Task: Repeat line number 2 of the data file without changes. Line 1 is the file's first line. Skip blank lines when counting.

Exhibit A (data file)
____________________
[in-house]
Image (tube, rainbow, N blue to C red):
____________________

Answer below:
Image (tube, rainbow, N blue to C red):